The testimony of new Fed chief Ben Bernanke to Congress over the last two days, the questions asked and the press coverage of the spectacle reveal a lot about the disjointed thinking on economic policy in this country. On the one hand,
Federal Reserve Chairman Ben S. Bernanke, barraged Thursday with lawmakers’ questions about rising foreign ownership of U.S. assets, played down fears that China held enough dollars to endanger the U.S. economy.
So, lawmakers are scared to death that the Chinese will dump dollars (or more accurately dollar denominated securities) and drive down the value of the dollar.
Then on the other hand,
The Bush administration, as well as lawmakers, has grown increasingly frustrated with China, particularly over its reluctance to let its yuan currency rise in value to reflect its growing market power.
U.S. Treasury Secretary John W. Snow strongly hinted Thursday that the Treasury was considering naming China a currency manipulator in a report scheduled for release in April â€” a step that could open China to U.S. trade retaliation.
So, we’re considering “retaliation” against the Chinese because they aren’t dumping dollars.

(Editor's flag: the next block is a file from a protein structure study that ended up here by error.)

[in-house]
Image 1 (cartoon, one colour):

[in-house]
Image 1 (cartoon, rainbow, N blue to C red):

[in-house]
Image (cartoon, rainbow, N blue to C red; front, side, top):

Meanwhile, two things fed last years “record” trade deficit – a sound economy and a sound currency. Pumping up interest rates may slow the economy, but doing so while the Japanese and the Europeans keep theirs low is keeping the dollar strong. Lowering those rates may make US goods more competitive by weakening the dollar, but the lower cost of borrowing for consumers will mean potential inflation and a bigger debt financed trade gap. Any interest rate moves aimed at improving the trade deficit are going to have other consequences that will worsen it. That basically leaves some sort of systemic change to improve productivity – lower tax rates, a change in the tax structure, less regulation or, ironically, free trade – as the best tool to keep the trade gap in reasonable bounds.